Southeast Kansas is a special place. The region is full of quaint small towns, strong community institutions and good, hardworking people. But it also has the most extreme poverty in the state, combined with downward population trends and the worst health conditions in Kansas.
Regional health improvement efforts in Southeast Kansas began in the Spring of 2010 following the release of the Kansas Health Institute’s (KHI) 2009 Kansas County Health Rankings. These rankings showed all of the counties (Allen, Bourbon, Cherokee, Crawford, Labette, Montgomery, Neosho, Wilson, and Woodson) ranked in the bottom quartile of Kansas counties, and seven of the nine counties ranked in the bottom 10 in the state.
Seeing these rankings as a call to action, Thrive Allen County, KHI and the Kansas Leadership Center co-hosted the first SEK Health Summit in Iola in March 2010 with a cross-section of 75 community leaders representing the nine counties of SEK. That summit educated many of these stakeholders for the first time about the severity of our region’s health challenges and led to a lively discussion about our region’s challenges in working cohesively, as a region, to tackle common challenges. Despite the challenges, the participants agreed that it was time to put aside past differences and work together for the benefit of the entire region.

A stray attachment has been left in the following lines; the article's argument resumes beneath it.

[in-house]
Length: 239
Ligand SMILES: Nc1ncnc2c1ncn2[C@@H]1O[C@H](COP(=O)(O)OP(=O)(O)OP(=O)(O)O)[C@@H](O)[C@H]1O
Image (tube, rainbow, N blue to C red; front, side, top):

As a result of these discussions Thrive Allen County established an affiliate organization, Thrive Southeast Kansas. Thrive SEK has taken up the challenge of leading the charge for a healthier Southeast Kansas in conjunction with the SEK Regional Health Coalition. Working in conjunction with partners from all nine counties and the Kansas Health Institute, Thrive SEK received a $40,000 grant from the National Network of Public Health Institutes, provided through KHI, to develop a series of projects using the CDC’s “Community Guide,” which provides a road map for community health and wellness projects.
This grant has funded six countywide projects modeled after the CDC’s Community Guide and resulted in the establishment of three new countywide health coalitions. It has also supported the first Southeast Kansas Meltdown which begins in September 2011. The Meltdown challenges residents to lower their blood pressure and resting pulse, and to lose weight through community activities ranging from healthy cooking classes to walking clubs.
Southeast Kansas’ problems didn’t begin overnight, and they won’t be solved overnight. But by working together, as a region, we have a fighting chance to build a healthier Southeast Kansas.